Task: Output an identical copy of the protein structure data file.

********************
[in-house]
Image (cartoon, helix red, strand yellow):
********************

[in-house]
Image (cartoon, helix red, strand yellow):